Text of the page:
Diagnosing melanoma clinically and under the microscope can be complicated by the presence of melanocytic nevi, otherwise known as birthmarks or moles that are noncancerous. The development of melanoma is a multistep process, where melanocytes mutate and proliferate. Properly identifying melanoma at an early stage is critical for improved survival. A new study recently published by Kiuru et al in the Journal of Investigative Dermatology sheds light on cell type–specific biomarkers of melanoma.
“The biomarkers of early melanoma evolution and their origin within the tumor and its microenvironment are a potential key to early diagnosis of melanoma,” said corresponding author of the study Maija Kiuru, MD, PhD, Associate Professor of Clinical Dermatology and Pathology at UC Davis Health. “To unravel the mystery, we used high-plex spatial RNA profiling to capture distinct gene-expression patterns across cell types during melanoma development. This approach allows studying the expression of hundreds or thousands of genes without disrupting the native architecture of the tumor.”
The study examined the expression of over 1,000 genes in 134 regions of interest enriched for melanocytes, a type of cell in the skin and eyes that produce the pigment called melanin, as well as neighboring keratinocytes or immune cells. The tissue examined came from patient biopsies from 12 tumors, ranging from benign to malignant, using the NanoString GeoMx® Digital Spatial Profiler.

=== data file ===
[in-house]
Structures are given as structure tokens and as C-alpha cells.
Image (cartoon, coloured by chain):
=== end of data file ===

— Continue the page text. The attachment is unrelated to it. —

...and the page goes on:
“We found that melanoma biomarkers are expressed by specific cell types—some by the tumor cells but others by neighboring cells in the so-called tumor microenvironment. The most striking observation was that S100A8, which is a known melanoma marker thought to be expressed by immune cells, was expressed by keratinocytes that make up the outermost layer of the skin called the epidermis,” said Dr. Kiuru. “Melanoma biomarkers in the epidermis have been largely overlooked in the past.”
Keratinocytes are epidermal cells that have multiple functions, including forming a barrier against micro-organisms, heat, water loss, and ultraviolet radiation. Normal keratinocytes also control the growth of melanocytes.
“Unexpectantly, we discovered that S100A8 is expressed by keratinocytes within the tumor microenvironment during melanoma growth,” said Dr. Kiuru. “We further looked at S100A8 expression in 252 benign and malignant melanocytic tumors, which showed prominent keratinocyte-derived S100A8 expression in melanoma, but not in benign tumors. This suggests that S100A8 expression in the epidermis may be a readily detectable indicator of melanoma development.”
Many molecular tests for diagnosis and prognosis of melanoma are gradually being introduced but markers of early melanoma development, particularly in the tumor microenvironment, remain lacking. In addition, although the treatment of metastatic melanoma has changed drastically since the development of immune checkpoint inhibitor therapies, biomarkers predicting the duration a patient will be cancer-free are largely unknown. Previous research has utilized sophisticated methods, including single-cell RNA sequencing, but has largely focused on melanoma metastases. This has overlooked the keratinocyte microenvironment of primary melanomas.
The study authors concluded, “Together, our results establish a framework for high-plex, spatial, and cell type‒specific resolution of gene expression in archival tissue applicable to the development of biomarkers and characterization of tumor microenvironment interactions in tumor evolution.”
Disclosure: For full disclosures of the study authors, visit jidonline.org.The content in this post has not been reviewed by the American Society of Clinical Oncology, Inc. (ASCO®) and does not necessarily reflect the ideas and opinions of ASCO®.